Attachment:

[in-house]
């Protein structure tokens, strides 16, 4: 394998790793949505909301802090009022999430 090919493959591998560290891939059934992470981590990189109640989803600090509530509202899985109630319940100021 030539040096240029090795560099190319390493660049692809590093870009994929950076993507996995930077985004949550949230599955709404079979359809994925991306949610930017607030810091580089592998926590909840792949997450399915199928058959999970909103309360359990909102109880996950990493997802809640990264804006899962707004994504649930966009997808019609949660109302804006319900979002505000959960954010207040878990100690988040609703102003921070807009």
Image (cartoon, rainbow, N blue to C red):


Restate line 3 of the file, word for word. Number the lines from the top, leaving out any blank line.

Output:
Image (cartoon, rainbow, N blue to C red):